Episode 163: Seth Karm
Salad Savoy, a one-of-a-kind vegetable that grows in beautiful white and violet heads, is the namesake of the company behind some of the healthiest, nutrient-dense vegetables around. The company was hit hard during the pandemic, but is thankfully bouncing back with the help of the USDA and consumers like you looking to cook highly nutritional, delicious, colorful meals at home.
Famous with chefs, but not as well known to the public, Salad Savoy is well-known for their colorful chards, kale and cauliflower, which have been the company focus since 1984. With the mantra of “color, taste, nutrition”, Salad Savoy has aimed to break up the wall of green we see in the produce section with items like their gold, orange, pink, red and white Bright Lights® leafy greens, Red Ruby Swiss Chard™, Carnival® Multi-Color Cauliflower and more. They were the first company to bring Lollipops®, a fork-sized vegetable that is a cross between Red Kale and Brussels sprouts, to North America in 2012, which, unlike Brussel sprouts, have to be hand-harvested off the plant… something even the most discerning chef can appreciate.
When the pandemic hit last year, Salad Savoy had plenty of beautiful crops they were ready to harvest and provide the supply chain with, especially getting ready for Easter. In a blink of an eye those crops were all going to be unused. “We leaned on a lot of folks like The Produce Moms with great industry contacts and it was so difficult because at that point in time, people were not going to order any extra items and just going to ‘stick with the staples’,” says Seth.
As we know, during that time, retail was king since restaurants and other parts of the food industry supply chain shut down. Within two weeks of the pandemic hitting, the company was down to 30% of normal business, in part because of the toll 2020 took on fine dining, an arena where Salad Savoy’s products are usually high in demand. So much of the fine dining appeal is the experience it offers — being catered to, having a beautiful presentation on your plate and table, having a long, relaxing meal with a bottle of wine… that experience doesn’t transfer to a to-go container. Fine dining is just now barely creeping back for us in America and Seth says “it’s still an awkward situation. It just feels awkward,” which we can all probably agree on.
Plus, Salad Savoy provides a lot of their produce to Universities, hospitals, caterers and conventions… all suppliers that weren’t in need of produce. Getting creative, Salad Savoy instead was able to provide produce to many of the meal kit companies, like Hello Fresh, and the Farmers to Families food boxes from the USDA. Thankfully, since the beginning of February, business has been back to about 90% of what it was for Salad Savoy. Seth is grateful for the USDA’s assistance which they received financially last November. “Without that, we would not have survived,” Seth says.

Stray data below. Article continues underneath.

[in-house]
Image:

“Chard, kale and cauliflower… it does not get better than that. You’ve got more Vitamin C, more calcium than in broccoli, polyphenols with colored vegetables, beta carotene on the orange cauliflower, resveratrol in the red tail and purple cauliflower…” – Seth Karm (22:08-22:31)
Even though they have less staff, Salad Savoy has learned how to become more efficient with their operations, minimize their input at the field level, and minimize field labor. Potentially, automation might come into place for harvesting crops or analyzing the color of heads of salad. Seth and his team are continuing to look at solutions that save money, like auto-tuning, which is a machine that goes over the plants with a treatment after seeding in a matter of hours, when it takes days using human labor. Even Seth has had to juggle multiple hats, from CEO to sales coordinator to social media manager and food safety expert!
What does Seth have to say for you, the consumer? Remember that, with the pandemic, you need to keep your immune system strong and one of the best ways to do that is to eat Salad Savoy’s dark, leafy greens which offer peak nutrition for consumers. If you’ve been cooking at home, you’ve been learning more about the food you prepare and what foods, like dark, leafy greens, are nutritionally dense.
How to get involved
- Join The Produce Moms Group on Facebook and continue the discussion every week!
- Reach out to us – we’d love to hear more about where you are in life and business! Find out more here.
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Previous episodes you may enjoy
- Episode 162: Reno Palombit, CTE Workforce Development Specialist, Melissa Webb, Family And Consumer Sciences Education Program Consultant At The California Department of Education and FCCLA State Advisor in California, and Kristin Vest, Human Sciences and Education Career Field Specialist
- Episode 161: Erin Petrey, Cocktail Coach and Mixologist
- Episode 160: Sandy Spavone, Executive Director Of FCCLA, And Kayla Godbey, Program Consultant For Family And Consumer Sciences
- Episode 159: Beth McCarthy Smith, Founder Of Simplicity Holistic Health
- Episode 158: Alyson McIntyre-Reiger, Indiana FCCLA State Advisor and President LEAD FCS Education And Dr. Carol Werhan, Clinical Associate Professor At Purdue University and ACTE Vice President of the FCS Division